“Narcos” star Pedro Pascal celebrated the third season premiere of the acclaimed Netflix series in Manhattan last week with his cast and crew at the AMC Lincoln Square.
Season Three of “Narcos” features a repertory of actors, many of whom turned up to walk the red carpet with Pascal and “Narcos” director Andres Baiz, who all greeted each other like long-lost friends and mainly in a flurry of Spanish.
This season the action shifts from the hunt for Pablo Escobar (played by award-nominated actor Wagner Moura) to taking down the malevolent but charismatic godfathers of the Cali Cartel.
Pascal plays DEA agent Javier Peña, the only character who appears in all three seasons. Peña has become more jaded and cynical even if he’s as driven to stop drug-related criminal activity, he comes to realize this may be a hopeless cause.
Escobar may be gone, but the show has evolved and become even better. The godfathers of the Cali Cartel are complex and fascinating in the way they see themselves and their connection to their families, institutions and country. Their paranoia and insistence on loyalty from everyone in their orbit makes their actions relatable if not tragic. But in case we become too charmed by these characters, the show makes the point that their criminal activities reached far and their control of the cocaine trade fed the addictions of even more Americans than Escobar.
The troupe of actors feature Francisco Denis and Damian Alcazar (Miguel and Gilberto Rodriguez respectively), along with Alberto Amman (Pacho Herrera) and Pepe Rapazote (Chepe SantaCruz Londono). (All attended the premiere except for Spanish actor Alcazar, who plays the elder statesman of the group.)
Also on the red carpet, Michael Stahl-David (DEA agent Chris Fiestl), Andrea Londo (Maria Salazar), Arturo Castro (Miguel’s thuggish son David) and Season 8’s Miguel Angel Silvestre (Franklin Jurado).
Sharing tidbits about the upcoming season, Pascal told reporters on the red carpet of his character, “I get a promotion.” At the end of last season, Agent Peña helped take down Escobar, but things don’t get easier; he’s still battling a crooked system and bought officials, police and politicians.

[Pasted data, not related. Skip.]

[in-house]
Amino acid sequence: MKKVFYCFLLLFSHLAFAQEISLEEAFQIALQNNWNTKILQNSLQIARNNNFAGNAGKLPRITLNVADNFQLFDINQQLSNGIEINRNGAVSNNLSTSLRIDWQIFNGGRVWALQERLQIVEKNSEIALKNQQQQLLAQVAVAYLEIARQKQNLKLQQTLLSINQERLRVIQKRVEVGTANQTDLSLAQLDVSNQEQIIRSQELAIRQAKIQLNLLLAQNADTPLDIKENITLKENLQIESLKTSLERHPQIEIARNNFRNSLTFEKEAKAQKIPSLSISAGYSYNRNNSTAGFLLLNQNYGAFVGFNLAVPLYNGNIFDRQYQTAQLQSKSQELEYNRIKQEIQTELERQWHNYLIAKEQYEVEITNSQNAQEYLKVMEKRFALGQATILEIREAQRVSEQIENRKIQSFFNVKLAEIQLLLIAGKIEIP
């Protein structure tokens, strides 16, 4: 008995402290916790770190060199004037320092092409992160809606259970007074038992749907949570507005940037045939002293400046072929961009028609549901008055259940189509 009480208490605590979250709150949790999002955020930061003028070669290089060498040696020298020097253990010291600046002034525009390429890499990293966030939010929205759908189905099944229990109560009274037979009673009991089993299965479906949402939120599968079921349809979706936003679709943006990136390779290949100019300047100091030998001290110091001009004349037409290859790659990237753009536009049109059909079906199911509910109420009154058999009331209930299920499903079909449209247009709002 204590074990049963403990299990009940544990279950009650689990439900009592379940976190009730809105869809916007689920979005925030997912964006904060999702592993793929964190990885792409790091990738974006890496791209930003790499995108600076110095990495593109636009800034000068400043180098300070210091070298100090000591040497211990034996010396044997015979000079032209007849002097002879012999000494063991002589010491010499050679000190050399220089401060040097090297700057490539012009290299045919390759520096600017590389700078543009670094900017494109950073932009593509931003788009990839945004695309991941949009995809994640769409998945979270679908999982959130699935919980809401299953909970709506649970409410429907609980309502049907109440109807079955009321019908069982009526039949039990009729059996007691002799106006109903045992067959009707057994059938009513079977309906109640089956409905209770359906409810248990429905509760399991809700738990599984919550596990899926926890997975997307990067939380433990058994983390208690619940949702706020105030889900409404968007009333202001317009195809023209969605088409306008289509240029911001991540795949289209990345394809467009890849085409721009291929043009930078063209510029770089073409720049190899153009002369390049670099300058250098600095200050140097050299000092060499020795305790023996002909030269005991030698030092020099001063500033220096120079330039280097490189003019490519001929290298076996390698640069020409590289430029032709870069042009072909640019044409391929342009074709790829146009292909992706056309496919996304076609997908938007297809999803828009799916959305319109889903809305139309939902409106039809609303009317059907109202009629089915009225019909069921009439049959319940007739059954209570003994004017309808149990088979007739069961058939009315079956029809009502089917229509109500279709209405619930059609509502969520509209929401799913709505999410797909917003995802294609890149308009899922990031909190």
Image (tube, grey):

“The Cali Cartel has more money, more reach,” said Pascal. “They were just more hidden, which is why they were more successful and insidious as cocaine kingpins… We are dealing with a different enemy.”
Pascal enthused about shooting in Colombia, “Cali is the world’s capital of salsa. There’s different food, more humidity. The people are terrific.”
The show features vivid party scenes with terrific dancing, music and food. Often the extreme violence is in the midst of the partying. Spoiler Alert: For example, In the first episode the flamboyant Pacho kills someone with is motorcycle at a crowded party in a scene as grisly as anything out of “Game of Thrones.”
The show is based on real life people and situations. Michael Stahl-David told me his character was based on a real DEA agent, and he the pointed to a tall man with blonde hair on the red carpet standing near the director. I asked if he had received tips on how to play him.
“We talked a lot about what actually happened. The most sensational aspect was the sense of paranoia, the sense of always having to watch your back and the tactics that you employ when you know you’re under surveillance,” said the actor. “Your back is always to the wall. That vigilance lends a real tension to the experience.”
After the screening Pedro Pascal partied with cast members and guests at Cantina Rooftop on 48th Streets.
Season three of “Narcos” debuts September 1 on Netflix.